Global Policy Forum

Somalia Is Worst Humanitarian Crisis, UN Official


By Emma Batha

January 30, 2008

Somalia is the world's most urgent humanitarian crisis - worse even than Darfur, a senior U.N. refugee official said this week. More than 1 million people have been uprooted from their homes in Somalia, which is convulsed in fighting between Islamist insurgents, assorted warlords and allied Somali-Ethiopian troops.

The violence makes it very difficult to provide aid, as underlined by a bomb attack on Monday that killed three aid workers. "I've never seen anything like Somalia before," said Guillermo Bettocchi, country representative for the U.N. refugee agency, UNHCR. "The situation is very severe. It is the most pressing humanitarian emergency in the world today - even worse than Darfur."

Although fighting in western Sudan's Darfur region has uprooted an estimated 2.5 million people, levels of malnutrition in Somalia are higher and access to aid more difficult, Bettocchi said.

Fifteen percent of the population suffers acute malnutrition and the rate has been constant for years. Health services are very limited and sanitation, water and shelters are poor. Delivering aid to people in Somalia is three times more expensive than in other crises, said Bettocchi, who has spent 19 years working on refugee emergencies throughout the world. Poor security means supplies have to be flown in to Mogadishu and transported to other parts of the country in armoured vehicles with armed escorts.


The aid workers who died this week were with Medecins Sans Frontieres. They were killed by a roadside bomb in the southern port town of Kismayu, 500 km (300 miles) south of Mogadishu. "This is just another example of the way the insurgents are trying to destabilise the whole country," Bettocchi said. "Those who will suffer the consequences are the people."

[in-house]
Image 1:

He said Kismayu was already a no-go area for U.N. and many other international agencies and the attack meant the U.N. security department would be even more reluctant now to allow missions in the area. UNHCR says 700,000 people fled fighting in Mogadishu last year, but Bettocchi said those still in the city had not remained out of choice.

"Those who have stayed are those who cannot move. They are the most vulnerable - the handicapped, the elderly or those who cannot afford to pay a donkey cart," said Bettocchi, who experienced the violence first-hand when he was caught up in a rocket and mortar attack on Mogadishu airport in 2006. Mogadishu is so dangerous that Bettocchi runs UNHCR projects "by remote control" from neighbouring Kenya.

But the political and ethnic violence that erupted there last month has made operations more difficult. Flights have been cancelled, transportation of goods from the Kenyan port Mombasa has been affected and the price of fuel has gone up.


Bettocchi called on the international community to put more pressure on all the parties behind the fighting in Somalia to find a political solution. He said the U.N. secretary-general's special envoy to Somalia had called on Saudi Arabia to play an active role in mediating in the conflict on the grounds it might have some clout with the insurgents.

Islamist militia calling themselves the Islamic Courts Council temporarily wrested control of the capital and other parts of Somalia in 2006. When they first emerged, Bettocchi said they attracted sympathy from Somali people who thought they would provide a way out of the anarchy and violence created by the warlords. But Bettocchi said they has lost support, not least when they banned TV broadcasts of the World Cup - a move that left many Somalis wondering what they were getting themselves into. "Somali people are tired of conflict, are tired of suffering and would like to see peace and security established," he said.

Bettocchi said any political dialogue would require the withdrawal of Ethiopian troops but that security needed to be improved before they could pull out. The African Union wants to boost its peacekeeping presence to 8,000 but has struggled to get African nations to contribute soldiers.

More Information on the Security Council
More Information on Somalia
More Information on International Aid


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